Veteran’s access to justice denied after losing both his legs in a nursing home
Horace was a veteran of World War II. When Horace was placed in his local veteran’s nursing home in Alexander City, Alabama, little did he know that his problems were just beginning - not only because of the care he would receive but also because of the danger lurking in the fine print of his admission papers.
Horace developed a sore on his right foot that worsened and began spreading up his leg. Eventually, this infection turned gangrenous and Horace’s entire right leg had to be amputated to save his life. The nursing home never reported the sore or amputation to state health authorities.
As a result of the amputation, Horace needed a lift to move him into and out of bed. Despite this medical necessity, nursing home staffers tried to cut corners and lift him out of the bed manually. Tragically, staff dropped him in the process, and severely fractured his left leg. Because surgery for the repair of this break was not possible, his left leg was also amputated- less than two years after the loss of his right leg.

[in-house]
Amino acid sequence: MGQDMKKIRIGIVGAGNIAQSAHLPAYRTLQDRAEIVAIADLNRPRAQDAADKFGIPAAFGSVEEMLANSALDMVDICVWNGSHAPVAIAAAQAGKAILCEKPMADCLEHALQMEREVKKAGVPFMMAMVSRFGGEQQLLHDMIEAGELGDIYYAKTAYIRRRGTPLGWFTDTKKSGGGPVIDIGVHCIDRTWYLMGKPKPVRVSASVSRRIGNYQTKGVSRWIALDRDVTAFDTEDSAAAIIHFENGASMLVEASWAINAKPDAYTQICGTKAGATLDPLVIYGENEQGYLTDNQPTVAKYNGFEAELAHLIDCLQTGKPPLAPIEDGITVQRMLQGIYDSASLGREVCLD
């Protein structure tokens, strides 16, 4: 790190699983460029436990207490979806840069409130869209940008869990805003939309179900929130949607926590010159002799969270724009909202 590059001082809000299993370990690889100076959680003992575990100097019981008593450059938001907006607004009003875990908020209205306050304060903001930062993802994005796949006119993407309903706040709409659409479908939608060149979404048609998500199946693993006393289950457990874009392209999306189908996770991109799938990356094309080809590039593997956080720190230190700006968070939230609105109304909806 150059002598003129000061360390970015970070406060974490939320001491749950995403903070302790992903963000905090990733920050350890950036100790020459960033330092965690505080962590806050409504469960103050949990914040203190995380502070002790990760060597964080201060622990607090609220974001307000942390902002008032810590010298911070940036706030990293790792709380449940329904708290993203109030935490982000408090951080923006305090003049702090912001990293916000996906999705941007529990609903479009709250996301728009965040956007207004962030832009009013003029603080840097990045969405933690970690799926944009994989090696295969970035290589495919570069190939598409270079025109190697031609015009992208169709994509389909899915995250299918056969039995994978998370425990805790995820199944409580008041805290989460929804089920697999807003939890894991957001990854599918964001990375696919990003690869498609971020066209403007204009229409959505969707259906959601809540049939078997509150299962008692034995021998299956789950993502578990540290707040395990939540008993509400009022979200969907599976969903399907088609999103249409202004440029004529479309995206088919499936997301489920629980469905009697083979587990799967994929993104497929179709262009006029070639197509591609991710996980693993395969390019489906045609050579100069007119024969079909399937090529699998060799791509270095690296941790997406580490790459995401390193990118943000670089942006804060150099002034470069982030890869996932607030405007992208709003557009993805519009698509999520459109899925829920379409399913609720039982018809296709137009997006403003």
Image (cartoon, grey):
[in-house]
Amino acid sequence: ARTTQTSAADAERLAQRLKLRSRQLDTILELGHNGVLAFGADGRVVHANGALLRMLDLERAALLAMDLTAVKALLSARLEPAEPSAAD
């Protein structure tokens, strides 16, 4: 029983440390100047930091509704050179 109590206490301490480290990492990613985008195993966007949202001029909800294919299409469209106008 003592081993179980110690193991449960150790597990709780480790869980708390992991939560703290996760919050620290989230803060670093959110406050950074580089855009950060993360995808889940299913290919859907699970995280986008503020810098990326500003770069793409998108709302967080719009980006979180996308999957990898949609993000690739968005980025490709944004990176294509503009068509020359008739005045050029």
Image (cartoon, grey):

When Horace’s family tried to hold his nursing home accountable in court for this horrific treatment, the nursing home used a clause buried in the fine print of Horace’s admission papers to force them out of court and into them into a secretive and rigged arbitration system. At forced arbitration, to try to explain away Horace’s injuries, the nursing home management conducted a “reenactment” of the incident in a failed attempt to claim a lift was used.
And though the nursing home was finally found to be at fault for the loss of Horace’s leg and given that false account of the incident, the arbitrator awarded an unjustly small sum of money to Horace’s family, knowing he would never be held to account by appellate review.
If nursing homes are allowed to get away with the worst, and then force their injured, veteran patients into arbitration, are our loved ones safe?